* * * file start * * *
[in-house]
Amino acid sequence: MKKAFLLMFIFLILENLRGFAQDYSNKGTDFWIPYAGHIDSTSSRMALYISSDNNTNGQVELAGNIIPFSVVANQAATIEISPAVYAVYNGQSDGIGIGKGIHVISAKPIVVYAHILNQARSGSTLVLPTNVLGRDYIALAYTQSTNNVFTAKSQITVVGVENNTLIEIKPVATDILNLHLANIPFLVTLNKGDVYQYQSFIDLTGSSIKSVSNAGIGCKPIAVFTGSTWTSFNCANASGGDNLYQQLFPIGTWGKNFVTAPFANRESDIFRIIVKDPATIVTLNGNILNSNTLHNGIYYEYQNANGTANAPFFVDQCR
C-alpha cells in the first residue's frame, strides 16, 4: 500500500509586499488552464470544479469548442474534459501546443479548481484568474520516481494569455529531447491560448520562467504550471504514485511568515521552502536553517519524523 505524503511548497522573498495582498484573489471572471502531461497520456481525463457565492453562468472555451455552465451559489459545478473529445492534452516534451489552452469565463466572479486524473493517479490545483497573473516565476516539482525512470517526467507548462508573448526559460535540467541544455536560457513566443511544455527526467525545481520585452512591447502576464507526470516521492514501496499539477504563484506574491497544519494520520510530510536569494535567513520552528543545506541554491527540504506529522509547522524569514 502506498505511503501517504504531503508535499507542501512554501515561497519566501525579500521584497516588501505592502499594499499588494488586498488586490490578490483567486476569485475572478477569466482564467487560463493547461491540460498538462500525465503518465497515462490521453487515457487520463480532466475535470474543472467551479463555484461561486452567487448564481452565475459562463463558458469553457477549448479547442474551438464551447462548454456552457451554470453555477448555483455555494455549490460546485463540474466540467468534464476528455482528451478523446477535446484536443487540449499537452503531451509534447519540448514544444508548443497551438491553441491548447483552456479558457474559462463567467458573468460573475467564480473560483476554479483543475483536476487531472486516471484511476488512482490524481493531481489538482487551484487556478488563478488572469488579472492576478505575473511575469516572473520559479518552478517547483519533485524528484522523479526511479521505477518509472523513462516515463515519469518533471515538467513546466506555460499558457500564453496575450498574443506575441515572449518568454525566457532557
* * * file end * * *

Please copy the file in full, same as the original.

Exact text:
[in-house]
Amino acid sequence: MKKAFLLMFIFLILENLRGFAQDYSNKGTDFWIPYAGHIDSTSSRMALYISSDNNTNGQVELAGNIIPFSVVANQAATIEISPAVYAVYNGQSDGIGIGKGIHVISAKPIVVYAHILNQARSGSTLVLPTNVLGRDYIALAYTQSTNNVFTAKSQITVVGVENNTLIEIKPVATDILNLHLANIPFLVTLNKGDVYQYQSFIDLTGSSIKSVSNAGIGCKPIAVFTGSTWTSFNCANASGGDNLYQQLFPIGTWGKNFVTAPFANRESDIFRIIVKDPATIVTLNGNILNSNTLHNGIYYEYQNANGTANAPFFVDQCR
C-alpha cells in the first residue's frame, strides 16, 4: 500500500509586499488552464470544479469548442474534459501546443479548481484568474520516481494569455529531447491560448520562467504550471504514485511568515521552502536553517519524523 505524503511548497522573498495582498484573489471572471502531461497520456481525463457565492453562468472555451455552465451559489459545478473529445492534452516534451489552452469565463466572479486524473493517479490545483497573473516565476516539482525512470517526467507548462508573448526559460535540467541544455536560457513566443511544455527526467525545481520585452512591447502576464507526470516521492514501496499539477504563484506574491497544519494520520510530510536569494535567513520552528543545506541554491527540504506529522509547522524569514 502506498505511503501517504504531503508535499507542501512554501515561497519566501525579500521584497516588501505592502499594499499588494488586498488586490490578490483567486476569485475572478477569466482564467487560463493547461491540460498538462500525465503518465497515462490521453487515457487520463480532466475535470474543472467551479463555484461561486452567487448564481452565475459562463463558458469553457477549448479547442474551438464551447462548454456552457451554470453555477448555483455555494455549490460546485463540474466540467468534464476528455482528451478523446477535446484536443487540449499537452503531451509534447519540448514544444508548443497551438491553441491548447483552456479558457474559462463567467458573468460573475467564480473560483476554479483543475483536476487531472486516471484511476488512482490524481493531481489538482487551484487556478488563478488572469488579472492576478505575473511575469516572473520559479518552478517547483519533485524528484522523479526511479521505477518509472523513462516515463515519469518533471515538467513546466506555460499558457500564453496575450498574443506575441515572449518568454525566457532557